If the sound public sense of England can not restrain its Government from direct or indirect acts of injury and outrage upon this country, war will, of course, follow, sooner or later. But, meanwhile, let us all carefully discriminate our friends from our enemies, nor be swift to suppose that the acts of individuals are necessarily national acts. The meeting in Liverpool to protest against the escape of the Alabama was quite as significant as the sailing of the vessel. The timely detention of the rams by Earl Hussman was quite as important a fact as the rescue of the pirate Semmes by an English "gentleman ;" and the repudiation by the Canadian authorities of the judgment of COURSAL is a much weightier event than that Dogberry's release of the St. Alban robbers.

GENERAL DIX'S ORDER.

IN view of the information in his possession of contemplated raids, and of the formal release of the St. Alban robbers and murderers, General Dix could hardly do less than authorize the pursuit of invaders upon our soil wherever they might flee for refuge. For the solemn judgment of a court must be held to be final until it is reversed, or until it is repudiated by the executive authority of the Government, and meanwhile the whole frontier is exposed to invasion and massacre. But when the President learned the prompt disavowal by the Canadian Government of the action of Justice COURSAL, he, in turn, did well to avoid unnecessary complication by revoking the order. For if Canada means to guard her own frontier it is much better that she should do it than we.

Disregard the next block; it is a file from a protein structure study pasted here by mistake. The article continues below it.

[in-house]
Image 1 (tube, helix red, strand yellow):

Yet General DIX'S order was not necessarily, in an offensive sense, hostile. The decision of COURSAL was a simple declaration that the laws of Canada did not defend a neighboring nation from attacks proceeding from Canadian soil. That is to say, the laws of Canada, as expounded by COURSAL, did not maintain her neutrality, and consequently did not protect our rights. In such cases the international custom or law is very clear and unmistakable.

PHILLIMORE, a chief authority upon international law, says : " A rebellion or a civil commotion, it may happen, agitates a nation. While the authorities are engaged in repressing it, bands of rebels pass the frontier to shelter themselves under the protection of the conterminous state, and from thence, with restored strength. and fresh appliances, renew their invasion upon the state from which they have escaped. The invaded state remonstrates. The remonstrance, whether from favor to rebels or feebleness of the executive, is unheeded, or, at least, the evil complained of remains unredressed. In this state of things the invaded state is warranted by